What You Need to Know Before Going to Court

What You Need to Know Before Going to Court

YOUR APPEARANCE IN COURT

  • Dress as you would for an important event.
  • Don’t wear T-shirts or clothing with messages.
  • Don’t dress down to gain sympathy.
  • Don’t chew gum.

 

WHAT TO BRING AND NOT BRING

  • Don’t bring a weapon – even if it is just a pocket knife, it will be confiscated.
  • Photography and audio recording are not allowed.
  • Cell phones and computers may not be allowed in the courtroom due to their recording capabilities.  Leave them in your car.
  • If you have a ticket or paperwork showing your court date, bring it with you. 
  • If you are scheduled for a trial, bring witnesses and all evidence that you want the judge to consider.

                       

YOUR COURTROOM BEHAVIOR

  • Be polite, no matter what is said in the courtroom.
  • Be on time for court.
  • Don’t react to what is said by other witnesses.
  • Don’t argue: Not with the other party, not with their attorney, and not with the judge.
  • You are expected to be silent while waiting to be heard. If you, your children or other members of your group are loud or disruptive you will be asked to leave the courtroom.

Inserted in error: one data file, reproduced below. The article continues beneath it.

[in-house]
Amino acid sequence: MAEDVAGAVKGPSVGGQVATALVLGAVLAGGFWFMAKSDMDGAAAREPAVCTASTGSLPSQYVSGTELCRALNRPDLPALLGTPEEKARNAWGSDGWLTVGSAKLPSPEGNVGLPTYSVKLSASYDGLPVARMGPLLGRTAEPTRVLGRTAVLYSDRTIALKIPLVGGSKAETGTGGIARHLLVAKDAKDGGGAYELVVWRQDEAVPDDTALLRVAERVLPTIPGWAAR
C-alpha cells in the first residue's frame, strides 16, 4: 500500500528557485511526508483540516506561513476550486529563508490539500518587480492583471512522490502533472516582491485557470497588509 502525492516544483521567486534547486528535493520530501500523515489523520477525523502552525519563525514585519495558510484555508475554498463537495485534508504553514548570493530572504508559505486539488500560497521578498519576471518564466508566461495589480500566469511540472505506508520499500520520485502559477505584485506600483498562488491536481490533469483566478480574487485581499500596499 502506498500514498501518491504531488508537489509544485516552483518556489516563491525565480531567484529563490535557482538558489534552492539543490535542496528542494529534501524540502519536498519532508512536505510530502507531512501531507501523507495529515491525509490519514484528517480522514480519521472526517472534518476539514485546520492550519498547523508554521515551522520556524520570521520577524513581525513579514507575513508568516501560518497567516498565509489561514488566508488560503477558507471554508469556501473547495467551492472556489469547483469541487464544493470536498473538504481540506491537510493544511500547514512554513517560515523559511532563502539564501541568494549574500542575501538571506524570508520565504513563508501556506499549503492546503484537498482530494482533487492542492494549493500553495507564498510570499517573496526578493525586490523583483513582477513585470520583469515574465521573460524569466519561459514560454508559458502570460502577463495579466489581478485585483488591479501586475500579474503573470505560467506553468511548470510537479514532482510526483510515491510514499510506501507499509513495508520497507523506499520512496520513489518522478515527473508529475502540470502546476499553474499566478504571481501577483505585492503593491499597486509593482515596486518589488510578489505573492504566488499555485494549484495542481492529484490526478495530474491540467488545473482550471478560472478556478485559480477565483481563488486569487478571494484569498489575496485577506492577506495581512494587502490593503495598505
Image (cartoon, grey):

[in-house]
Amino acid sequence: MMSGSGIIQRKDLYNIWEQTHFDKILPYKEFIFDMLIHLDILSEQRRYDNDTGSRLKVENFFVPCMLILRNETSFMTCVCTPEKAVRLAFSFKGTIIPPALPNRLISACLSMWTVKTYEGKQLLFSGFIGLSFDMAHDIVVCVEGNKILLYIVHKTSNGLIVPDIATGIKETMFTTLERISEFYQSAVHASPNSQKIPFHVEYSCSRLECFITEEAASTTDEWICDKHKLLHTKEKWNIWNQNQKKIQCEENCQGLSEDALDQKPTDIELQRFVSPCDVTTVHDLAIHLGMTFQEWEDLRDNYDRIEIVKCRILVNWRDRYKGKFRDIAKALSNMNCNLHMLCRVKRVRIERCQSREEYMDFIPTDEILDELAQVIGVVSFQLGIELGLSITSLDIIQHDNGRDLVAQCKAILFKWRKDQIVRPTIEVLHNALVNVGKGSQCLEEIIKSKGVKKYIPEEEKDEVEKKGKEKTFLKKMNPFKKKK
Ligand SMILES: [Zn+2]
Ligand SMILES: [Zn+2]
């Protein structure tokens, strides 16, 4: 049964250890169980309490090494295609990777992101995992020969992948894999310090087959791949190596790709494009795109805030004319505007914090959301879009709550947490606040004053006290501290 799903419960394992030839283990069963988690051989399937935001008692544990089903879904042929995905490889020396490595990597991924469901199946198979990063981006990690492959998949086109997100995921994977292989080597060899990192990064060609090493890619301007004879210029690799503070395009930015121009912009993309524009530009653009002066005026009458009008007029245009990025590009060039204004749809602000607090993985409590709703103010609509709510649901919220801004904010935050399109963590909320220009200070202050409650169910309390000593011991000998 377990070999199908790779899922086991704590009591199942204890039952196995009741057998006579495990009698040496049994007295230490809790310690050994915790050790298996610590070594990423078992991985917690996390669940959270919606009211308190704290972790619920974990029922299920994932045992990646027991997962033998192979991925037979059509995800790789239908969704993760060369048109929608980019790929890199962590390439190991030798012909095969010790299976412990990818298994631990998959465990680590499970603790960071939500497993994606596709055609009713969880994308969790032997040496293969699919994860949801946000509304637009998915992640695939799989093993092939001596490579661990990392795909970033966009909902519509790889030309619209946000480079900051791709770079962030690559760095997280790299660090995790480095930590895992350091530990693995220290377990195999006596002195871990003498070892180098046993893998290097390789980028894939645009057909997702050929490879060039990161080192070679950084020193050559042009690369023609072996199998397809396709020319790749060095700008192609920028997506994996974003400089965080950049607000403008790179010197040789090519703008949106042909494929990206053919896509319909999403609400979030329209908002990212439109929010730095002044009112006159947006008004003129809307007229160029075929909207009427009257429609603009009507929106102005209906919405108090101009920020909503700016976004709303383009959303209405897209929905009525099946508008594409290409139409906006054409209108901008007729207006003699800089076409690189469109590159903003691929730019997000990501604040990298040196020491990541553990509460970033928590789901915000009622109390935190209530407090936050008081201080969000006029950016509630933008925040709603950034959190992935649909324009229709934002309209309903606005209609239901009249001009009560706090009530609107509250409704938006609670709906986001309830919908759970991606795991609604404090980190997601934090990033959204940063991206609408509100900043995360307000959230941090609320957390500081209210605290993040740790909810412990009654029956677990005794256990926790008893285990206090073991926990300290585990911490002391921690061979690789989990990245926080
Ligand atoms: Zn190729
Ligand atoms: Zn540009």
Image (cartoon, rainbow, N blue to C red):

WHEN YOU ARE TESTIFYING

  • Listen to the entire question being asked before you answer.
  • Tell the judge if you do not understand a question.
  • Answer with only “yes” and “no” when you can.
  • Answer questions even if some seem stupid or foolish to you.
  • Don’t mumble; speak loudly enough to be heard by everyone in the room.
  • Don’t lie about anything, not even white (small) lies. If you are discovered to be lying, the judge may find it hard to believe you when you are telling the truth.
  • Don’t argue with the questioner.
  • Don’t ask questions back: “What would you do if?”

 

IF YOU HAVE EVIDENCE

  • Bring the original and a copy for the judge and other litigants or counsel.
  • If you have evidence recorded on your phone, print it.  The court will have to keep the evidence you offer, and you would otherwise have to leave your phone at the courthouse.  

 

HOW COURTS SERVE YOU AND THE PUBLIC

  • Courts provide neutral and consistent judgments to all defendants. The judge who presides over your hearing will be fair and open-minded.
  • Courts treat all defendants charged with the same kind of offense in the same way.
  • Courts treat all defendants politely, with courtesy, dignity, and respect.
  • Courts take defendants’ concerns seriously. We understand that you might be worried about the hearing and its consequences, and we are prepared to listen to your concerns and offer explanations as best we can.
  • Courts allow defendants to explain the situation from their perspective.

 

 

Revised 12/19/18